Philip M. Foisie, a senior editor at The Washington Post for the past 25 years, was named executive editor of the International Herald Tribune yesterday. The announcement of the appointment was made at the newspaper's headquarters in Paris by its publisher, Lee W. Huebner.

Foisie, 59, became the Post's assistant managing editor in charge of foreign news in 1968 and was responsible, Huebner said in his announcement, "for the creation and expansion of the Post's foreign desk and network of foreign correspondents. There are few newsmen who are as steeped in international journalism."

The International Herald Tribune is owned jointly by The New York Times Co., Whitney Communications Corp. and The Washington Post Co. The newspaper, published in Paris, has printing sites in Paris, London, Zurich and Hong Kong and has a daily paid circulation of over 140,000 copies distributed in 143 countries.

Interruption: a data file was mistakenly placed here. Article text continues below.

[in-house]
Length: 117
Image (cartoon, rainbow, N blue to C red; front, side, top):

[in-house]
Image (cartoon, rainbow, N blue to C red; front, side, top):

"Phil Foisie's role in the growth of this newspaper has been vital and constant," Benjamin C. Bradlee, executive editor of The Washington Post, said, "and the Trib is lucky to have him."

Foisie will be replaced as assistant managing editor for foreign news by Jim Hoagland, currently the Post's foreign editor, and Karen DeYoung becomes foreign editor correspondents for the Post.

Huebner also announced that Walter N. Wells will serve as editor of the International Herald Tribune under Foisie's direction. Wells worked for seven years with the Richmond Times-Dispatch before moving to The New York Times in 1972. He has been at the International Herald Tribune for one year.